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Reform Federal Civil Justice Policy to Meet the High-Stakes Legal Needs of Low-Income People

Voters called for a different approach to national policy. With the New Year, it is time for Congress to make that new approach happen…

  • Laura Klein Abel
January 5, 2007

By Laura K. Abel & David Pedulla

*Cross-posted from 

In November, the voters called for a different approach to national policy. With the New Year, it is time for Congress to make that new approach happen. These are some policy reforms that would help fix one fundamentally flawed aspect of our government – the inability of low-income people with pressing civil legal needs to get a fair day in court.

1. Allocate more funding to the Legal Services Corporation.

Every county of every state is served by civil legal aid lawyers receiving federal funding through the Legal Services Corporation (“LSC”). Those lawyers provide representation in cases regarding the daily, crucial legal needs of low-income people, in matters such as child custody, evictions, and subsistence-level public benefits. Repeated studies show that about 80% of those legal needs go unmet because LSC lacks adequate funding. Pro bono and other palliative measures are unable to fill the gap. The minimum Congress should allocate is $411 million – the amount called for by LSC and the American Bar Association. Even that amount will leave many dire legal needs unmet, but it will be an improvement over the current LSC funding level of $330 million.

2. Ensure that Interest on Lawyers’ Trust Accounts accrue the same level of interest as other bank accounts.
Interest on Lawyers’ Trust Accounts (“IOLTA”) – a program in which attorneys bundle client funds in order to generate interest revenue where no interest would otherwise be generated – is one of the nation’s largest funding sources for civil legal aid. Unfortunately, banks sometimes pay less interest on IOLTA accounts than they do on other similar bank accounts. Congress should follow the practice of many state legislatures and state court systems by instituting banking reforms to require banks to pay interest at the same rate on IOLTA accounts as they do on comparable accounts.

3. Remove the LSC “physical separation requirement.”

A holdover policy from the Gingrich-era Congress requires civil legal aid programs receiving LSC funds to waste their scarce resources by establishing two different offices if they want to use their non-LSC funds free of cumbersome restrictions. The restrictions bar the programs from representing clients in class action lawsuits, claiming court-ordered attorneys’ fee awards to strengthen clients’ cases, and representing many categories of immigrants, among other activities. Congress should remove the wasteful physical separation requirement to allow civil legal aid lawyers to help their clients in the most efficient and effective manner.

4. Examine whether the LSC Inspector General is overstepping his mandate by interfering with the ability of civil legal aid programs to serve their clients.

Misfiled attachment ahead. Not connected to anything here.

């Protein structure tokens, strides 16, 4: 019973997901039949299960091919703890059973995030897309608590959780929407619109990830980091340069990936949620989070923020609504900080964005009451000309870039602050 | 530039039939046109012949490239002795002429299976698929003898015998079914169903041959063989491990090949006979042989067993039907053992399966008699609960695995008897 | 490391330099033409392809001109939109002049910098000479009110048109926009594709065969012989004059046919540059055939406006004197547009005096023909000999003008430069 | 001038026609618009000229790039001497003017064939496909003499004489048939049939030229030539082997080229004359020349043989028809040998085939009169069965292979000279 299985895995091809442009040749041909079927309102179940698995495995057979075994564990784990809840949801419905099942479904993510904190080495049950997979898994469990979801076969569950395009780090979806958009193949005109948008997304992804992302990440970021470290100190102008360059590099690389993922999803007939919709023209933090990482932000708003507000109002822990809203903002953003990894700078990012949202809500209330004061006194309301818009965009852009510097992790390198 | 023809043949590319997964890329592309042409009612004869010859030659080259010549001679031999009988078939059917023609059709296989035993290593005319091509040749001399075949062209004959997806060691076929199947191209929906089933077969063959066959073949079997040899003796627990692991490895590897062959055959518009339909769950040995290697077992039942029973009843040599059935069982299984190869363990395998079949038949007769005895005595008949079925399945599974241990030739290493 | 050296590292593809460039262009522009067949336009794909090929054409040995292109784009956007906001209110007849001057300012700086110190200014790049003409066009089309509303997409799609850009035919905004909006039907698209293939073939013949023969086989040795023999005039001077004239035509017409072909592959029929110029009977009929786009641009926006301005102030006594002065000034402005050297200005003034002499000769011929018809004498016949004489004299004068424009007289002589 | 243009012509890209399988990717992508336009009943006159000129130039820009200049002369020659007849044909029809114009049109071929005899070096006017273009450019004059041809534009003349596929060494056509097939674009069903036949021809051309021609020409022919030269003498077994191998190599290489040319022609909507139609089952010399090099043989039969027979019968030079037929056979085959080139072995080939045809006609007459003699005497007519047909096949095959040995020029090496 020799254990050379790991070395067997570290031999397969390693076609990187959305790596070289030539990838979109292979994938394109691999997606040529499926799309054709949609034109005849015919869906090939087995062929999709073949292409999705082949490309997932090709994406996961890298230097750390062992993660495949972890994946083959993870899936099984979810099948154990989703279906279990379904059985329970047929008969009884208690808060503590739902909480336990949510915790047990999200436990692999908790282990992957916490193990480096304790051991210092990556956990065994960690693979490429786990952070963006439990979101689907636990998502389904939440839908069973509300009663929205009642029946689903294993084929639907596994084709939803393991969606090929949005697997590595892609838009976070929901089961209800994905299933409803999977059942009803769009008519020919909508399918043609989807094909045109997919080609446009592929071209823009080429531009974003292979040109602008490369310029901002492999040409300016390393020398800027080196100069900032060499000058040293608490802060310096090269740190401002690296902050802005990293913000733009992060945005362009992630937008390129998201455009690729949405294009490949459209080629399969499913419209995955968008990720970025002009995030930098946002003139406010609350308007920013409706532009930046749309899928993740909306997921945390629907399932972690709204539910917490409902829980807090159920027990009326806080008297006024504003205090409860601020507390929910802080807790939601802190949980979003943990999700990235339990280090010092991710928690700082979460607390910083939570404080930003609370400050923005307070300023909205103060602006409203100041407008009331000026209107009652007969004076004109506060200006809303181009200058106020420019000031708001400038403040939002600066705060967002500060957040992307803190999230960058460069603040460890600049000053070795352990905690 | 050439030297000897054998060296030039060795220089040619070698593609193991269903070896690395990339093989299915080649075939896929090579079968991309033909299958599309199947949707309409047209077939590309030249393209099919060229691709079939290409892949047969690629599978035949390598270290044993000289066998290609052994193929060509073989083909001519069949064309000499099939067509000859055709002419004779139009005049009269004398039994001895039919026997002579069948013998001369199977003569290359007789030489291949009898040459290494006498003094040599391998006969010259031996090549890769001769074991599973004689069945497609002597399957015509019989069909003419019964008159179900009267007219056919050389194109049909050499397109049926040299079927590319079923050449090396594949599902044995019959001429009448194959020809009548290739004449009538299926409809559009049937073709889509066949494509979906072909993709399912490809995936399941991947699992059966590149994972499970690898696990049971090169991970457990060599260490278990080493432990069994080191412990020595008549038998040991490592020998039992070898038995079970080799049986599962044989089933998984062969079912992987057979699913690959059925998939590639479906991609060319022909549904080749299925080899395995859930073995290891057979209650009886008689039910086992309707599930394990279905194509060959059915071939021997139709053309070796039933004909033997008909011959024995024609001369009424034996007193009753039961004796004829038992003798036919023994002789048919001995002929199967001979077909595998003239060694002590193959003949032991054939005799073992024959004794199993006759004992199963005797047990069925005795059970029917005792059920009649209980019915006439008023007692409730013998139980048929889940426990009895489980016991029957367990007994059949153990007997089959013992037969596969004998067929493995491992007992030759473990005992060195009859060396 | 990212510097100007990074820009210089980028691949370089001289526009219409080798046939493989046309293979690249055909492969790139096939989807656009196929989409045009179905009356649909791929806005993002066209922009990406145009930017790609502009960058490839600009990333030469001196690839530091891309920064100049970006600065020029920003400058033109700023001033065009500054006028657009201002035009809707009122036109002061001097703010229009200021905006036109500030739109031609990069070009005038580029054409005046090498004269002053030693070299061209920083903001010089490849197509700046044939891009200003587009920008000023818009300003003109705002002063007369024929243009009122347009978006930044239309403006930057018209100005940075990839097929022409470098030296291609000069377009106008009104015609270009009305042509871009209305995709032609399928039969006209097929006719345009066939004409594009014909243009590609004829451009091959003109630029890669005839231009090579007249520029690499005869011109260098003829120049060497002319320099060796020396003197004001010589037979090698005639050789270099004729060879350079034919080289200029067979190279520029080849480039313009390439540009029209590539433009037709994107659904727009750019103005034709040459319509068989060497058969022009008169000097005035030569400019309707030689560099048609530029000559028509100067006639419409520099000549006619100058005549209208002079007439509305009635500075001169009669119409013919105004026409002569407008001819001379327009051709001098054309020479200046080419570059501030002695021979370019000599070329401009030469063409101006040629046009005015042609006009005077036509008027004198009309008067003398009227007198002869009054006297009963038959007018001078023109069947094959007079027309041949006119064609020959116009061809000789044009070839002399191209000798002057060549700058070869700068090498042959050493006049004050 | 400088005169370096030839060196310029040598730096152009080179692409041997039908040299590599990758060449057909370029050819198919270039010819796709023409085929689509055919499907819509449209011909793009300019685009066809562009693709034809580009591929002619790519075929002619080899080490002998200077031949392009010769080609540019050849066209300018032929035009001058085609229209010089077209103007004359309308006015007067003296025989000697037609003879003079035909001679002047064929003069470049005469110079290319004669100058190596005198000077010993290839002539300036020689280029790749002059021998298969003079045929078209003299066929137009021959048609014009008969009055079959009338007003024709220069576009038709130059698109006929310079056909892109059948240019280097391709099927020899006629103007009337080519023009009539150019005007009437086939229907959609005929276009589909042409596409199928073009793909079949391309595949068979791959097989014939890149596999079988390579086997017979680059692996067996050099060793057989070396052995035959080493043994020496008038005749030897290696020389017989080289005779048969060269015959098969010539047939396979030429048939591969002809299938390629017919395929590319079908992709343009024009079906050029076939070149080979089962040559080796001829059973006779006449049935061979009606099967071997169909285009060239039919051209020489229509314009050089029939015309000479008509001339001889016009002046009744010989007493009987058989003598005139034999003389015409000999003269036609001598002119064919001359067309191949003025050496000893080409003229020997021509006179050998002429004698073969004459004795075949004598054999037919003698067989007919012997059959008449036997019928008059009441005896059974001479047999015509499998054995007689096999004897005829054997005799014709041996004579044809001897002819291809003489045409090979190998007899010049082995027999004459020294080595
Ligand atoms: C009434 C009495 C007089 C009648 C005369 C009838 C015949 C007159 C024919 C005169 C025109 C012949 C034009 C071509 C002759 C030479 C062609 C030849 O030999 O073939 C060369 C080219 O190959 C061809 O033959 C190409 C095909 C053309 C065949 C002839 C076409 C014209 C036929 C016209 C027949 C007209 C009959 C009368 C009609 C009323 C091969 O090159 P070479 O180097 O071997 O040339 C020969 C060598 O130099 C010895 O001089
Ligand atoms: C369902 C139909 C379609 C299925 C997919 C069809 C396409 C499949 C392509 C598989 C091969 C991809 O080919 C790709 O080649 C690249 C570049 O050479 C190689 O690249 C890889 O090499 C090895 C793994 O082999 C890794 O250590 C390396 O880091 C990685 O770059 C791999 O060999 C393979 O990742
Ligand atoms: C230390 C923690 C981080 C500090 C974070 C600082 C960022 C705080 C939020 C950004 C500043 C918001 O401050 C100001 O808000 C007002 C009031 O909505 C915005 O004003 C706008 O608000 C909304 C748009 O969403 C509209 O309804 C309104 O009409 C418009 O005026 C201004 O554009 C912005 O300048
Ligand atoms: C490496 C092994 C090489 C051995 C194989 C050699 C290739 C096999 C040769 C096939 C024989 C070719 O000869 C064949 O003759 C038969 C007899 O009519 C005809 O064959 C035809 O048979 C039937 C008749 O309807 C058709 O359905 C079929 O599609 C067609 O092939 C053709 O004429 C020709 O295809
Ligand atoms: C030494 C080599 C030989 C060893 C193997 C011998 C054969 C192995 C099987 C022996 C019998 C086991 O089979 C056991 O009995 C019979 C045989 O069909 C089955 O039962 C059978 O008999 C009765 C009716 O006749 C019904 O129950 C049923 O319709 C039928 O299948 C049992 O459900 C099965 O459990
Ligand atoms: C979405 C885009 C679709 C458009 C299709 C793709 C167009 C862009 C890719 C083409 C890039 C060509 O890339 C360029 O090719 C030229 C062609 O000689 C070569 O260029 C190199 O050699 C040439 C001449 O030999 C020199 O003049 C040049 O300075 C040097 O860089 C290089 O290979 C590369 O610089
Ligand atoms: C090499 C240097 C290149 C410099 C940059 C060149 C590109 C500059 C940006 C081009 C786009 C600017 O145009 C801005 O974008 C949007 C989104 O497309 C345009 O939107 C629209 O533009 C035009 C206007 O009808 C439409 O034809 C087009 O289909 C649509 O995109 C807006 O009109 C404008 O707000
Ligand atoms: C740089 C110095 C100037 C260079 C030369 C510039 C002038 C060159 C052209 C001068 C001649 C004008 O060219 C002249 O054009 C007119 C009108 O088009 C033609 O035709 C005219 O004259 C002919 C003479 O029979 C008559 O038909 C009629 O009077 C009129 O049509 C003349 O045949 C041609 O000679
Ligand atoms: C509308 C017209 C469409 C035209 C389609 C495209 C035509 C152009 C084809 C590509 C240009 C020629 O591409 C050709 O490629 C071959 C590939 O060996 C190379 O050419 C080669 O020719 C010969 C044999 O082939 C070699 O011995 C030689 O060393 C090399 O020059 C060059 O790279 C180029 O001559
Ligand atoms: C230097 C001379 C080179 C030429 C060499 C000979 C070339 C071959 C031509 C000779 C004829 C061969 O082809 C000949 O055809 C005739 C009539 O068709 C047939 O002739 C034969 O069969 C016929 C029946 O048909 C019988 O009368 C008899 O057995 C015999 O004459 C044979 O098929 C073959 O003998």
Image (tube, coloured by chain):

Civil legal aid programs receiving LSC funding recently have come under attack by LSC’s Inspector General (“IG”). The IG claims to be trying to ensure that impact work does not interfere with civil legal aid programs’ ability to meet the basic needs of low-income clients. Our fear is that the IG’s investigations themselves are interfering with the ability of civil legal aid lawyers to meet the needs of their client communities in the most efficient and effective manner. Congress must investigate whether this is the case.

5. Reform the Bankruptcy Act.
In 2005, Congress enacted sweeping changes in the bankruptcy laws. One change that went too far was the imposition of personal liability on lawyers representing clients in bankruptcy proceedings. This reform has scared countless lawyers in public interest organizations and in private practice away from representing clients seeking bankruptcy protection. Congress must roll back this provision to increase financial protection for low-income people and to ensure that the bankruptcy system can benefit from the participation of lawyers skilled at counseling and representing clients.

6. Fund student loan forgiveness programs for civil legal aid lawyers.
Another reason low-income people have a hard time finding high-quality legal representation is that few recent law school graduates can afford to take public interest jobs. A recent study found that more than 80% of law students borrow money to pay for law school, with an average loan burden of $78,763 for students attending private schools. For these students, taking a legal aid job paying an average of $35,000 is not an option. Congress should expand a pilot program operated by the Legal Services Corporation, which helps civil legal aid attorneys repay their loans.

7. Pass legislation similar to the Civil Rights Act of 2004 (the FAIRNESS Act).
Over the course of the past decade, the federal courts have stripped themselves of the ability to enforce many important civil rights protections. The result is that people suffering discrimination often find that they have no way to enforce their rights. The FAIRNESS Act would restore access to the courts for seniors seeking to challenge age discrimination, for immigrants seeking to enforce their language access rights, and for many others seeking fair treatment under the law.